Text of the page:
Furthermore, the rat race of the morning commute is something people adjust to all the time, not because they got up for school for 12 or 16 years, but because that’s what adults do. They adjust to dozens of requirements throughout their lives at any given point. Homeschooling has allowed our boys to get good rest and still adhere to general standard of daily living – get up, get dressed, and tend to your responsibilities. For what it’s worth, I think kids, in general, would benefit from a shorter school day and more time to play and rest.
“How will they learn about competition if they aren’t on a sports team?”
They’ve both played on sports teams since they were very young, though it’s been through local parks and recreation instead of the school system. Also, they’ll have the opportunity to play on local high school teams if they choose, but even still – competition isn’t solely reserved for sports. There’s competition of ideas and other achievements that are just as worthwhile. Competition happens in the co-op classroom and within their personal goal-setting. There are loads of kids in traditional school who don’t play sports, but I’m sure they experience competition in other ways.
“You’ll have to cut the apron strings sometime.”
I agree, but homeschooling doesn’t mean our apron strings are any tighter than those who send their kids to traditional school. More times than not, high schoolers who are homeschooled have more opportunity to work while in school because their hours are flexible. Additionally, homeschooling during the high school years is, in large part, self-led, so they don’t rely on Mom and Dad as much as you’d think. I’ve seen plenty of traditional high school graduates go off to college and fail miserably because they weren’t prepared on a basic level to be on their own. I won’t speak for other homeschooling families, but in our house we’ve been open and honest from the very beginning – we love you, but you can’t live here forever.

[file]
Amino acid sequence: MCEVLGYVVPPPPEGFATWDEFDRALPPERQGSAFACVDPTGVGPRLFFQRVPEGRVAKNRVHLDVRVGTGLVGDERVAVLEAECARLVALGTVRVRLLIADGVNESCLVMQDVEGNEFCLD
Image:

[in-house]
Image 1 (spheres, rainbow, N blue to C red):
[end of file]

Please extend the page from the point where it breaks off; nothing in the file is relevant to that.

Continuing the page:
“I don’t know how you do it.”
I don’t know how I do it either, but I wouldn’t change it for the world.
“I couldn’t be around my kids all day.”
I’m sorry to hear that. The boys get on my nerves too sometimes, but in homeschooling attitude is everything. As long as our attitudes are good, homeschooling is a breeze. Plus, I’ve noticed that all the moms who say this to me are the same moms who say they’re kids are growing up too fast. That’s not a feeling I’ve experienced, and I think it’s because I’ve been alongside them at every stage.
“Do you ever test them?”
Yes and no. Yes, they take weekly math and vocabulary tests. No, they don’t take standardized testing. Yes, they have quizzes and tests in some of their co-op classes. No, we don’t make up grades based on our love for our kids. Yes, they’ll take SAT and ACT prep courses just like every other high schooler, but no, we aren’t worrying about those things right now. I’m required to turn in grades to our umbrella school so they have official transcripts, and testing helps procure those grades.
“Are you going really going to homeschool them in high school?”
Yes, I really am. At least, that’s the plan. Anything can happen to alter the plan, but barring no major life changes, yes, we’ll continue homeschooling throughout high school. I can’t imagine sending them to traditional school at this point, particularly since many of the hard classes that I don’t want to teach are available at the co-op. For example, last year Jeremy took Life Science with Dissection. I was so pleased that he was able to dissect sharks and snakes and whatnot at the co-op and not in my kitchen. Also at co-op is Calculus, Biology, and dual enrollment courses with one of our local community college. So yeah, we’re good to go.
I appreciate your concern. Really, I do. But think about it – what if I asked you, “Are you really going to send your kids to public school?” How would you respond?
Wait, never mind. I’d never ask you a question like that.